More than three centuries ago, Pascal said: "Man considering himself is the great prodigy of nature. For he cannot conceive what his body is, even less what his spirit is, and least of all how body can be united with spirit."
Pascal lived at the dawn of the scientific era, but his words still ring true. We have sent spacecraft to the planets. We have listened to signals from the dawn of time. We have unraveled the mystery of starlight. We can even conceive what the body is. But the deeper human mystery remains: What is the spirit, and how is it united with body?
There is a sense among neuroscientists, psychologists and artificial intelligence researchers that the riddle is ripe for solution. Powerful new imaging technologies make it possible to probe the living brain -- watch the orchestra play, as it were, even as we listen to the music of thought. More powerful generations of computers provide analytical tools to model the complexity of neural circuits. Subtle refinements of molecular biology and chemistry let us fiddle with the machinery of the soul.
A philosopher colleague of mine worries about the experimental manipulation of consciousness. As we learn more about the brain's chemistry, he foresees increasing reliance upon drugs to control our mental lives -- a pill for this, a pill for that. "Increasingly, there's no room for us to talk to one another about our lives," he says. "No room for our histories, our stories, our art; no room for ourselves."
The self has become another object to be investigated, analyzed and manipulated, he says, nothing more than a flickering image on a brain scan monitor as electrochemical activity flares up, dies down, perhaps under chemical control. "Science is squeezing us to spiritual death," he groans, with the deflated spirit of an unreconstructed romantic.
Of course, all knowledge holds potential for abuse. But my colleague's pessimism is unwarranted. As Pascal said, "Man considering himself is the great prodigy of nature." The discovery that our spirits are inextricably linked to electrochemical processes in no way diminishes our true selves. We still have histories, tell stories, make art. We love, we cry, we respond with awe to the marvelous machinery of cognition. And, when necessary, we arm ourselves chemically against the devils of mental illness.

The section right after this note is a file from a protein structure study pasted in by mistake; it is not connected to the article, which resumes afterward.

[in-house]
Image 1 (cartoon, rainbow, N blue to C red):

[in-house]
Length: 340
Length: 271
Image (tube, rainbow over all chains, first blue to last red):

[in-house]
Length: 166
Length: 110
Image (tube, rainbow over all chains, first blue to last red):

Many of us seem to believe that anything we can understand cannot be worth much, and therefore -- most especially -- we resist the scientific understanding of self. But the ability to know is the measure of our human uniqueness, the thing that distinguishes us from the other animals.
Understanding the machinery of the spirit does not mean that we will ever encompass with our science the rich detail of an individual human life, or the infinitude of ways by which a human brain interacts with the world. Science is a map of the world; it is not the world itself.
We can all agree with the Greek philosopher Heraclitus, who thousands of years ago wrote: "You could not discover the limits of soul, not even if you traveled down every road. Such is the depth of its form."
(This is a revision and extension of a post of several years ago.)